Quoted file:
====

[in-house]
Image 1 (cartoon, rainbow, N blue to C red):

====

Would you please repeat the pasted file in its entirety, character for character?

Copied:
[in-house]
Image 1 (cartoon, rainbow, N blue to C red):